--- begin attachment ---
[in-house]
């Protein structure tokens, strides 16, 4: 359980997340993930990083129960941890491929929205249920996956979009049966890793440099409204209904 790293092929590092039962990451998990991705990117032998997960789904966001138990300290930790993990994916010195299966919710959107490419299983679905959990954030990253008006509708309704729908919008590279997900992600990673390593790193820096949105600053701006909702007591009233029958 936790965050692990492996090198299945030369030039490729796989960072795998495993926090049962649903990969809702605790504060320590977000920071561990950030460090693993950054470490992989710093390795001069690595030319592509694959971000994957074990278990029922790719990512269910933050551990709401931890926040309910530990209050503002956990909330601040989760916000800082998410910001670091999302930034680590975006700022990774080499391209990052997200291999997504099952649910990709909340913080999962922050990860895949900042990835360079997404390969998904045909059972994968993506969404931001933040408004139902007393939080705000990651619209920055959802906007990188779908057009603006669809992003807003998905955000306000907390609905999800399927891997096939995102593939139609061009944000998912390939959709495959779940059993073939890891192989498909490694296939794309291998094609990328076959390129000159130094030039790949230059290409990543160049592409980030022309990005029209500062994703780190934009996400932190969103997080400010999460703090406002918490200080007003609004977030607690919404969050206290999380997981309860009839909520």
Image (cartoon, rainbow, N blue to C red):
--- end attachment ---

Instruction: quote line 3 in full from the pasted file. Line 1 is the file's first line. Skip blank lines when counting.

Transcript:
Image (cartoon, rainbow, N blue to C red):